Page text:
February 04, 2011

Feb. 4 – Sally Hemings: Mother of a President’s Children?

Portrait Sketch of Sally Hemings
Sally Hemings (~1773 – 1835) was the mixed-race slave of the third President of the United States, Thomas Jefferson. She was the daughter of Betty Hemings – also a mixed-race slave – and purportedly, attorney/slave trader/tobacco plantation owner, John Wayles, who was also father to Martha Wayles (Jefferson), Thomas Jefferson’s wife. This never-disputed lineage would have made Sally and Martha half-sisters; and there were several documented accounts that they strongly resembled each other.

Described as ‘dashing’, ‘beautiful’ and ‘near white’ with ‘long, straight hair way down her back’, Sally, her mother and other Hemings family members arrived at Jefferson’s Charlottesville, Virginia plantation estate, Monticello, in 1776, as part of Martha Wayles’s dowry.  As was often the custom, the Hemingses were house slaves (rather than field slaves) because of their light-skinned complexions.

Following Martha’s death in 1782, Jefferson became an American envoy to France, two years later, and moved to Paris with his oldest daughter, Patsy. He also brought Sally’s, brother, James to be an apprentice chef. In 1787, he sent for his younger daughter, Polly; and 14-year-old, Sally, accompanied her. They lived in Paris for 26 months.

Due to French law, Sally and James were paid wages – the equivalent of $2.00 and $4.00, respectively, per month, and much lower than those of the white servants – but nevertheless, paid.  Jefferson also purchased many, fine clothes for Sally – presumably for her to accompany his daughters to formal events.

In 1789, the French abolished slavery, so Sally and James could have petitioned for their freedom. However, by this time, Sally was pregnant with her first son, Tom, who was born in 1790 (at Monticello) and bore an extremely striking resemblance to Thomas Jefferson. Rather than petition for freedom, Sally chose to negotiate the freedom of any of her yet-to-be-born children, when they turned 21, and Jefferson agreed.

When Martha Jefferson died, she made her husband promise that he would never remarry, which he honored.  However, it is rumored that Jefferson and Sally maintained a relationship until his death in 1809, and that she bore six more children: Harriet, Beverley (a son), [Thenia], (another) Harriet, Madison and Eston. Sally and her children were always given special treatment by Jefferson, and some were even ‘allowed to escape’ and were not pursued.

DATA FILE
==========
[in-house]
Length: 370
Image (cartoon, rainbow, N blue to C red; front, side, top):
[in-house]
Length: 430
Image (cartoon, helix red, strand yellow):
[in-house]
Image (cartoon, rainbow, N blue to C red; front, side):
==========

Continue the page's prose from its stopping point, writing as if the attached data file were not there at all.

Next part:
Partial, 'presumed' Family Tree
(note: three children are missing)
Many newspaper accounts spread the rumors about their relationship, and were extremely unkind to Sally, calling her all kinds of names – the least offensive being, ‘Sooty Sally’ and ‘African Venus’. The Virginia Gazette went so far as to ask, “Why have you not married some worthy woman of your own complexion?"

The relationship between Sally and Jefferson has been hotly disputed on both sides of the argument, for decades; and remains until this day. Some reports say that Jefferson’s brother, sons (with Martha) or nephews fathered Sally’s children; and some DNA tests have remained inconclusive. Dissenters, such as the authors of the Jefferson-Hemings Scholars Commission adamantly declare that Thomas Jefferson did not have a relationship with Sally, nor father any of her children. However, The Monticello Foundation, The National Geographical Society, The Thomas Jefferson Memorial Foundation and leading Jefferson biographers have declared the opposite with their own DNA tests, as is evidenced by this (click link) BBC report in 2000.  

There have also been several books written and films made about the subject, including the 1995 Merchant-Ivory Film, Jefferson in Paris, starring Thandie Newton, Nick Nolte and Gwyneth Paltrow.

Jefferson died on July 4, 1826, the 50th anniversary of the signing of the Declaration of Independence, which ironically states that, 'all men are created equal [and] that they are endowed by their Creator with certain unalienable Rights, that among these are Life, Liberty and the pursuit of Happiness'. Upon his death, appraisers ‘valued’ the 56-year-old Sally at $50.00, and his legitimate daughter, Patsy, gave her an informal freedom. Sally reportedly lived the rest of her life in Charlottesville and was buried at a site, which is sadly, now beneath a downtown parking lot.

Did Sally Hemings and President Thomas Jefferson have a relationship? Did Jefferson father any, if not all, of her children? The jury is still out and depends on which you side you believe. I would like to think that the answer is ‘yes’ to both, if for no other reason than I really like a good love story – especially a mysterious and intriguing one.

Sources: Wikipedia, The New York Times, New World Encyclopedia, BBC, Robert Turner, Google Images


  1. I just wanted to tell you that when I saw your sketch, my heart chakra vibrated. I do believe you have captured her energy well!

    Rebecca Joy Gabriel

  2. Did Martha Jefferson treat her as a sister? I've read Hemming's was at Martha's deathbed, and Martha gave her a golden bell.

  3. fantastic post

    I am making a copy of Sally's dress....could you give me ideas about fabric...thanks Charlotte.Mehmke@gmail.com

  4. This story has always intrigued me.